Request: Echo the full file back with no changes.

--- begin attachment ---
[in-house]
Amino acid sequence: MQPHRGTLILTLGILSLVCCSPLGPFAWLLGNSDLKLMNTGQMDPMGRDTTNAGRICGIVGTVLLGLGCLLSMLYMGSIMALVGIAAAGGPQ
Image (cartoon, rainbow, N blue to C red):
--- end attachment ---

[in-house]
Amino acid sequence: MQPHRGTLILTLGILSLVCCSPLGPFAWLLGNSDLKLMNTGQMDPMGRDTTNAGRICGIVGTVLLGLGCLLSMLYMGSIMALVGIAAAGGPQ
Image (cartoon, rainbow, N blue to C red):